As the Indian stock markets battle the headwinds caused by coronavirus pandemic, foreign investors are making large scale withdrawals.
In March, foreign portfolio investors took away more than one trillion rupees (US$13.36 billion) from the markets as governments in various states and the central government resorted to lockdowns to contain the pandemic, the Press Trust of India reported.
The depositories data showed that between March 2 and 27, foreign portfolio investors withdrew a net amount of 593 billion rupees ($7.92 billion) from equities and 528 billion rupees ($7 billion) from the debt segment. This was the highest withdrawal since foreign investors’ data was made available on the National Securities Depository Ltd.
For the past six months, foreign investors were the net buyers in Indian markets.
On March 24, Prime Minister Narendra Modi announced a nationwide lockdown for 21 days as part of efforts to stem the outbreak of coronavirus infections. This dealt a body blow to the economy as businesses and trade came to a halt, and a further slowdown is expected.
The scene across the world is no different and this pandemic has triggered fears of a global recession. International Monetary Fund chief Kristalina Georgieva on Friday said the coronavirus pandemic has hit the global economy so hard that the world has entered a recession.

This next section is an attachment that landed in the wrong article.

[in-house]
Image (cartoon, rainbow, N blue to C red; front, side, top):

She called for massive funding to help developing nations turn around from the downturn resulting from the pandemic. Georgieva claimed this recession will be worse than in 2009 and the IMF estimates that the overall financial needs of emerging markets will be $2.5 trillion or even higher.
Market experts say foreign portfolio investors are now looking for safer investment options such as dollar-denominated asset classes and gold, as against investing in fixed income securities of emerging markets like India, which they consider to be vulnerable to economic shocks. They expect the situation to improve if the current surge in coronavirus cases in the country tapers off.
The Indian finance minister and the central bank have announced various measures to improve the flow of liquidity in the market. But experts say they will have to wait to see what impact it will have.
Even before the coronavirus began to impact China and later other economies in the world, the Indian economy was facing a demand slowdown with rural areas facing rising unemployment and falling incomes. These markets were heavily dependent on shadow bankers for credit. But the fall of major companies such as Infrastructure Leasing & Financial Services Limited and Dewan Housing Finance Corporation led to a credit crunch.
The announcement of a lockdown further aggravated the crisis. With the stoppage of trains, buses and even flights, economic activity across the country has been severely curtailed. Rating agencies have begun revisiting their earlier growth forecasts.
Moody’s Investors Service has nearly halved India’s economic growth projection for 2020 from its earlier 5.3% to 2.5%. The rating agency expects the current lockdown to dampen economic growth in most sectors. If the impact of Covid-19 is prolonged and deepens the global slowdown, it will adversely affect India.